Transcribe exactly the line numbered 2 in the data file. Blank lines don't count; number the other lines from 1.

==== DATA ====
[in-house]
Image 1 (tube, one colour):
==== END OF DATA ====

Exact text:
Image 1 (tube, one colour):